Unfortunately, this will be the last blog post published by the students at the Academy. Thanks Mom for telling me that you liked it in a letter. Thank you to all parents and stray Google wanderers for checking out our posts. I know I had a blast working with the Blog/ Thank You Note Company, and I only hope the rest of our writing team feels the same way. Sayounara!
Upon arriving at the Virginia Museum of Fine Arts today, our group was treated to an in-depth presentation of the museum’s entire East Asian art collection. It was especially intriguing to see how all the art was connected in style and usage. It spanned from Chinese, to Korean, and then finally to Japanese art and prints. We even got to see some interesting objects like decorative screens, intricate bowls and pottery, and sword handles.
We learned how to tell directions today! Now we can tell someone how to get the bank, park, or a Seven-Eleven. We can also name places on a map as well.
Due to the field trip, class was postponed until the evening. Today we reviewed the reports we did on the museum’s works and commented on them. Then, we wrote an essay on everything we did today and began to brainstorm caption ideas for the slideshow, making it a pretty eventful class!
Despite the extremely hot temperatures, after spending time in the air conditioned VMFA, everyone went to a local shopping district in Richmond called Carytown! We split into groups and visited various stores, with mainly everyone purchasing toys and snacks from Japan. Even though I live in Richmond and have visited the area before, I discovered many hidden gems and stores that I definitely plan to return to in the future.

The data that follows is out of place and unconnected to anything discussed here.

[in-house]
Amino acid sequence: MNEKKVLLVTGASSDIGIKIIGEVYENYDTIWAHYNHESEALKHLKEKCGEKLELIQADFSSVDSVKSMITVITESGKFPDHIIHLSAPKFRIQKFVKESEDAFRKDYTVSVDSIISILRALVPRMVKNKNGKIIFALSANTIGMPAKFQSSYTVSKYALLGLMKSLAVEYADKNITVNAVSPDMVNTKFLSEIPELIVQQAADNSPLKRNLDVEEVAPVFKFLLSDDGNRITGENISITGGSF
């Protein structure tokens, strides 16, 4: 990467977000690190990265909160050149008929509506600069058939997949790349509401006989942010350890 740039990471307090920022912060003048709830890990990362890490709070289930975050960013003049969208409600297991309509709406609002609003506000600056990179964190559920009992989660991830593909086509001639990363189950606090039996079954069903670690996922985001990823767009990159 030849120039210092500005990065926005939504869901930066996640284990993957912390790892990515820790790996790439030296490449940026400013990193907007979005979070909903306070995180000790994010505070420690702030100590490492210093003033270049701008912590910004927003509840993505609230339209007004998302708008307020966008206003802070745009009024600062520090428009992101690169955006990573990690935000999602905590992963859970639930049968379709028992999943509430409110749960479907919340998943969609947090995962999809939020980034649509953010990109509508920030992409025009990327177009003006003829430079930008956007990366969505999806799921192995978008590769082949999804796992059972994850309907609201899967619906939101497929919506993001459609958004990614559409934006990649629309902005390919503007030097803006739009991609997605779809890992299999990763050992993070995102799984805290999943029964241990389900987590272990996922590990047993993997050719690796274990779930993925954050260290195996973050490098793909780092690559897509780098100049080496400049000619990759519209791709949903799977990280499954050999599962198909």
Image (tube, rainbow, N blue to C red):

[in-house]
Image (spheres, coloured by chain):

Today’s recreation was going normally as usual; we all went to the gym and played sports and exercised. However, we were dismissed early and treated to a pleasant surprise; water balloons courtesy of the Undoukai company. With the 90 degree weather outside, it was a fun way to refresh ourselves. With only a few days left, I wonder what other surprises we have in store!
The kanji endeavor is truly evident as another grueling day comes to an end. We also learned how to connect adjectives and how the Japanese celebrate Christmas and New Year’s. Christmas is a more romantic festival in Japan (ours is more Christian-centric, since we give gifts to family and friends), but they do have an obsession with KFC chicken.
After interviewing the teachers and RA’s yesterday, we reviewed their responses in class, which, overall, were really insightful. We practiced taiko and finished writing our kanji for the front of the taiko; even though calligraphy is supposed to be calming, many of us were stressed out about getting our characters perfect! In one of the most memorable activities of the day, everyone worked together to construct long, complex sentences. Although, with all of us contributing different ideas, they didn’t always make sense!
Guest Speaker: (July 13)
After dinner, the whole lot of us went to Brock Commons for a lecture by a guest speaker today. She taught us a lot of new and interesting facts about Japanese government and bureaucracy, as well as filling us in on a few current facts that we missed while away over here with no internet such as the Emperor’s abdication. All-in-all, though it finished just slightly early, the presentation was informative and interesting.
So many kanji! The Beginner class learned more kanji, and began to write haikus with our knowledge of seasonal words. I’m no Matsuo Basho (a famous Japanese poet), but I did manage to write quite the beautiful piece. We also learned how to use past-tense adjectives, and combined them with our knowledge of past-tense verbs.
Today everyone in the academy had a taste of Japanese calligraphy and the tea ceremony. We were split into groups, and those doing calligraphy got to write their favorite kanji on rice paper, whereas those doing the tea ceremony learned its process, history, and even got to reenact it by drinking matcha and eating okashi. It was an interesting part of Japanese culture, and perhaps when I return home I might have a tea ceremony of my own!